Instead of going to university, Eduard travelled round the world, working his way back to England through Asia. His first real job was as a building contractor in Egypt. Living and working next door to the Pyramids, he remembers sitting on top of the Great Pyramid listening to the Grateful Dead playing in front of the Sphinx. It was a total eclipse of the moon, a night that he will never forget.
In 2003 when he arrived here there was a lull in Sri Lanka’s war with the Tamil Tigers. Everyone thought there was going to be peace. The country was so beautiful that it was easy to attract investment. Immersing himself in the world of property, Hempel has become a bridge for people looking to invest in Sri Lanka’s real estate. As a foreigner in a completely different culture, working in an uncertain and troubled environment, it has not been easy. However, over 15 years, he has built up a thriving business and has established a strong foundation in Galle. In Sri Lankan style, he smiles at everyone he runs across. His smile widens everytime he is stopped by the police for his Sri Lankan driving, leaning out, he beams “Mama Galle”, I’m a man from Galle.”
Enraptured by the beauty of Sri Lanka, Eduard has explored his forests, canoed down its rivers, played with its snakes and dived its coral reefs. He has also discovered phosphorescence and watched it glow in the sea at night.
“I’m a city person, I grew up in a city but I have always had a vision of how we should live in harmony with nature. Sri Lanka teaches the world how to live in harmony with nature. I discovered philosophy through nature.”
In 2019 Eduard was part of an expedition to rediscover the Malwatu Oya, Sri Lanka’s most historic river. The only member of the team who could swim, he played a pivotal role in negotiating the first part of the river. The expedition evolved into a documentary film and Eduard has appeared on Sri Lankan television, as one of the main characters of Malwatu Oya Soya, In Search of the Malwatu Oya.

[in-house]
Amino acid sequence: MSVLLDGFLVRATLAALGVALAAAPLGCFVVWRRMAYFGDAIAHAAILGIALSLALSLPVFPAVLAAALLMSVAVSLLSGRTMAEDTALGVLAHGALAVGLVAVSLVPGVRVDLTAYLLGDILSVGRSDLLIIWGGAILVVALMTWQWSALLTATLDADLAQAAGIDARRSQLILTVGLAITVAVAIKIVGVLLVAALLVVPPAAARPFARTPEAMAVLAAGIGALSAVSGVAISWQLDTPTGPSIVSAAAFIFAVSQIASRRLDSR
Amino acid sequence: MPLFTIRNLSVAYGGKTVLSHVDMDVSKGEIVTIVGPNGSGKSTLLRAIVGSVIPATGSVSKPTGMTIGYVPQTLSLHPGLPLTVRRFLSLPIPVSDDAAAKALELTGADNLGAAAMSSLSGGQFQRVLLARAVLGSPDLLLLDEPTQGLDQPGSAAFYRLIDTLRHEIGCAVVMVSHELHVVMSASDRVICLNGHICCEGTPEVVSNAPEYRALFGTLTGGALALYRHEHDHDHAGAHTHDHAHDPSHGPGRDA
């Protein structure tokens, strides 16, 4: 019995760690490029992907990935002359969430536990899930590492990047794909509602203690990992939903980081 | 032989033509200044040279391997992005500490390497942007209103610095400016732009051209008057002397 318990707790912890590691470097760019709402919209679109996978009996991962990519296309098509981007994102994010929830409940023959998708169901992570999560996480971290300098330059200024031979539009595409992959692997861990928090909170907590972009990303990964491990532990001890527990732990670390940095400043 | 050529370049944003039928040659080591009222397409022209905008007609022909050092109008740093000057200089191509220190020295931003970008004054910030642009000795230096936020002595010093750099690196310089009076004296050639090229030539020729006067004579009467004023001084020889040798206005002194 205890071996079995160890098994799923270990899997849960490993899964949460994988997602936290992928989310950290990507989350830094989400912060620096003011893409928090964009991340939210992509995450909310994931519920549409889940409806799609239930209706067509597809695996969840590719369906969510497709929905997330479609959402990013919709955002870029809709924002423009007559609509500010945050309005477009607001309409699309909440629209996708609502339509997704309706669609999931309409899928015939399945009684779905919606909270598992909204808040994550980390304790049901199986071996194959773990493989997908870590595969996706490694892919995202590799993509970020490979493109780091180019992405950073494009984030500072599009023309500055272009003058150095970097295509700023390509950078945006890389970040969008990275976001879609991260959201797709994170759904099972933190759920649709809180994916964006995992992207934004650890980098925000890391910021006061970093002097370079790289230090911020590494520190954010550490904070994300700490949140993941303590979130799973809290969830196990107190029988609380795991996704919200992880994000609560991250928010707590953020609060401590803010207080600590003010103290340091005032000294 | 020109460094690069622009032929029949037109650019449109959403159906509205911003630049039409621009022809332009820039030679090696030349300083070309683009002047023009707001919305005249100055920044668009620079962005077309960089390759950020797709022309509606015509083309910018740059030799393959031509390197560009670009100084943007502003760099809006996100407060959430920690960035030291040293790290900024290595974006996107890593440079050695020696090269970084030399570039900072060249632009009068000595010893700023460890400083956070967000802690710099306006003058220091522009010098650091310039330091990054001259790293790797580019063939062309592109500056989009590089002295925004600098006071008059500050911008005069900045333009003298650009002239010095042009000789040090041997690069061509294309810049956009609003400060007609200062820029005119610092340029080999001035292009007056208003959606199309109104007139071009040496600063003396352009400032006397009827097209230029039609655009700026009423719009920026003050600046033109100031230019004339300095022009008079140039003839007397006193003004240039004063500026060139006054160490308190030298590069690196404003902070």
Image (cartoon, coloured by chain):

Although fascinated by Sri Lanka’s ancient past, Eduard is also a dreamer and futurist with a passion for invention and technology. For him, Sri Lanka is also a place of the future. In The Fountains of Paradise, Sri Lanka’s most famous foreign resident, Arthur C. Clarke, describes the construction of a space elevator rising from the ground. Although the rocket industry is becoming more and more efficient, it is hugely expensive, consuming more and more fuel and more and more money. A space elevator could raise payloads to orbit without using rockets. Eduard believes that Sri Lanka is ideally positioned to become an elevator into space. A space elevator needs to be close to the equator and it needs to be near a deep water harbor. Lying at the hub of the Indian Ocean, Sri Lanka has both.
When the war broke out again in 2005, Eduard stayed on. He is convinced that Sri Lanka is on the cusp of major developments. “Values go up in advance of development. People know Hambantota is coming. The Port City is happening. It will push values up.”
With an investment of 1.4 billion dollars, Colombo’s Port City is the largest foreign direct investment in the country’s history and its biggest infrastructure development. It could be South Asia’s next international financial centre. The much talked of southern port of Hambantota could also change everything. At the hub of the sea lane that connects the East to West, it is only 10 miles off the world’s busiest shipping lane.
To Eduard there are many of truths. He is a follower of the Buddha, St. Patrick and the Indian Tantric master Padmasambhava, who brought Tantric Buddhism to Tibet in the 8th century. All of them seem to share the same story, taming the demons that they met on their journey and turning them into allies. The influence is sometimes clear, Eduard seems to make friends and blend in wherever he goes. His greatest inspiration however, is the Russian born mystic and philosopher Georges Gurdjieff. One of the founders of today’s self-awareness movement, Gurdjieff advised his followers to take the understanding of the East and the knowledge of the West and then seek. He taught that self-transformation could be achieved through self-knowledge; this would uncover the path to the mountain top. It is a journey which Eduard still feels that he is on; echoing his teacher, he tries to profit from every experience that he comes across and is constantly seeking.